JD.com launches a Blockchain platform – But it's not for Bitcoin – The Motley Fool

JD.com (NASDAQ: JD) the second e-commerce player in China, recently launched the open platform JD Blockchain, a blockchain-as-a-service platform that helps companies to develop their own blockchain-based applications. A blockchain is a decentralized ledger of data that is distributed in various positions. This data is protected in encrypted blocks, accessed via peer-to-peer networks. The first blockchain was a distributed ledger for bitcoin transactions, but technology can also significantly improve the supply chain and financial records with easily traceable and tamper-proof transactions.

China Pacific Insurance one of China's largest listed insurers, is JD's first partner to use its new platform. The insurer will use JD's blockchain infrastructure to "implement a traceable system for electronic invoices" by applying "unique blockchain IDs to each document." JD states that the app will help the insurer improve its overall efficiency by "streamlining the accounting process".

  A visual representation of blockchain technology.

Image source: Getty Images.

Tracing JD blockchain efforts

This is not JD's first blockchain initiative. Last year it launched a blockchain tracking platform that helps customers track the origins of food products. Subsequently, JD implemented blockchain tracing for over 400 brands and 11,000 SKUs (inventory maintenance units) on its market.

This March, an Australian beef producer used JD blockchain tracking to track beef imports and, in June, JD & # 39; s fintech affiliates JD La Finanza announced that it will issue asset-backed securities on a blockchain network through partnerships with Xingye Bank and Huatai Securities.

Launching a blockchain-as-a-service platform, JD could generate a new cloud-based revenue stream by allowing companies to create their own blockchain-based applications. In addition, it could increase the viscosity of JD's e-commerce ecosystem as customers become more dependent on JD's service offerings. This growth could add to diversify JD's revenue outside of its core online market business, which faces intense competition from (NYSE: BABA) Tmall .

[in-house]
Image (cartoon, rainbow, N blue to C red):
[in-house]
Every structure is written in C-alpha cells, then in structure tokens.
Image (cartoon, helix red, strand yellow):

Understanding logistical applications of the blockchain

Last year the head of food safety Walmart Frank Yiannas showed that the condition and origin of any food product through the network of the dealer could be traced in two seconds via blockchain – a process that would take about a week with older tracking methods.

That's why it's smart for JD to use blockchain tracking on food sold in its market. China has been plagued by food safety issues, and the implementation of blockchain-branded food offers customers a higher level of assurance, which integrates JD's corporate mantra "authentic products delivered today."

  A woman cuts fresh produce. [19659014] Image source: Getty Images. </p>
</div>
<p>  Meanwhile, corporate invoices (known as "fapiao" in Chinese) are tightly regulated in China, where they are released for all financial transactions to discourage tax fraud. Keeping track of all corporate invoices can be a time-consuming and error-prone process, so digitizing all those bills on a blockchain network where transactions can be monitored quickly could save companies like China Pacific Insurance a lot of time and money. </p>
<h2>  But JD is already late for the party </h2>
<p>  JD's blockchain platform seems revolutionary, but many other companies have already entered the blockchain-as-a-service market. Technology giants such as <strong> IBM </strong><strong>  Microsoft </strong> and <strong> Amazon </strong> offer blockchain-as-a-service solutions as extensions to their cloud operations. </p>
<p>  In China, <strong> Baidu </strong> launched a blockchain-as-a-service platform in January. <strong> Alibaba </strong> already uses blockchain to track purchases, and its fintech affiliate Ant Financial uses blockchain to allow Alipay users to track charitable donations. Alibaba and Ant Financial also hold the largest number of blockchain patents in the world. </p>
<p><strong>  Tencent </strong> launched a blockchain-as-a-service platform last year, applied that technology to its transactions and logistics fintech and even used to help consumers keep track of medical prescriptions. </p>
<p>  JD could struggle to grow its blockchain platform against these rivals because it does not have a large cloud infrastructure platform. It could eventually expand the service, but that could be an expensive effort for a company that is already struggling with high expenses. JD's technology and content expenses have increased 80% last year and contributed heavily to the net loss </p>
<h2>  It's not a turning point </h2>
<p>  The news related to Blockchain draws a lot of attention in these days, but few of these projects will actually move the needle for their companies. JD's investment in blockchain should improve quality control standards in its market – which could increase customer loyalty and broaden the gap against Alibaba. </p>
<p>  However, the blockchain platform will probably not become a significant source of revenue because there are simply many competitors on the market and, unlike JD, these competitors can bundle their blockchain solutions with other cloud services. </p>
</p></div>
<div id=

John Mackey, CEO of Whole Foods Market, a subsidiary of Amazon, is a board member of The Motley Fool. Teresa Kersten is a LinkedIn employee and is a board member of The Motley Fool. LinkedIn is owned by Microsoft. Leo Sun owns shares in Amazon, Baidu, JD.com and Tencent Holdings. Motley Fool owns shares and recommends Amazon, Baidu, JD.com and Tencent Holdings. The Motley Fool has a disclosure policy.

Source link